4.7 A response from an advice group highlighted the issue of unlawful evictions, stating that some landlords are not complying with the correct eviction procedures and may not properly understand the provisions. They note that demand for advice about unlawful evictions has been growing recently, as well as demand for advice on threatened homelessness due to possession action. A tenant representative group said that they felt the temporary unlawful eviction provisions have deterred illegal evictions and called for this to remain a permanent fixture in legislation. They note that whilst most landlords are complying with the emergency legislation, they have heard some anecdotal evidence of landlords threatening evictions to pressure tenants into agreeing to rent increases above the 3% rent cap.
4.8 There was a limited response from educational stakeholders regarding the impact of the evictions moratorium on the student rented sector. One response reported that there is evidence to suggest that the evictions moratorium has made it difficult to move students on from accommodation at the end of their tenancies, therefore making it more difficult to manage the flow of supply.
4.9 For the private rented sector, one tenant representative group flagged the importance of the emergency measures remaining in place as they are crucial to continue to support tenants and provide reassurance whilst the unprecedented economic situation persists. They feel that the temporary unlawful evictions provisions should be a permanent fixture as they help to prevent landlords abusing grounds for eviction and allow tenants to more easily demonstrate and challenge wrongful use of an eviction ground.
4.10 One private rural landlord representative group suggests that the eviction moratorium measures may have resulted in behavioural changes between landlord and tenant, with landlords moving to eviction proceedings more quickly than they would otherwise have done in the absence of the emergency measures. It was also suggested landlords are becoming more cautious in the selection process for new tenancies making access to the private rented sector more difficult. They also highlighted the issue of landlords delaying or cancelling property upgrades, such as energy efficiency improvements, which they feel is particularly damaging to a sector with high levels of fuel poverty. In relation to the eviction moratorium measures, they also noted that it is common for farms and estates to have employees who, as part of their terms, have the option to occupy a property. Previously these properties would be let out with the understanding that the tenant would leave if an employee chose to occupy the property. The group advised that these properties are now not being let out as it is deemed too high risk that the tenant will not leave on request. Similarly, the group reported that some holiday lets are usually let for longer terms in the winter, with tenants being asked to leave in the summer, but increased perception of risk has resulted in these lying empty over winter.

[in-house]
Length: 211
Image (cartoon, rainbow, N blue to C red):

4.11 Another response from a social sector tenant representative group stressed the need for guidance around how debt will be handled when the moratorium is lifted, and say that without a clear approach and guidance to the sector, eviction rates may end up being just as high as they might have been without the moratorium.
4.12 A number of responses referenced the length of time taken to bring evictions proceedings to the First-tier Tribunal. An advice group highlighted cases where this has dissuaded clients from making an application. Another response highlighted that, where substantial arrears required to evict a tenant must be equal to, or greater than, six months' rent, the lengthy tribunal process may result in arrears going considerably beyond this amount by the time an eviction order is granted. They urged that any transition away from the emergency legislation should be coupled with an increase in resource provided to Rent Officers and the First-tier Tribunal in order that delays are reduced.
4.13 Many responses across all sectors called for the Scottish Government to continue raising awareness of the emergency legislation to ensure both tenants and landlords are aware of their rights, and understand how the provisions apply to their specific circumstances. Many respondents highlighted the need for continued consultation and post-legislative scrutiny to understand the potential unintended consequences of the legislation.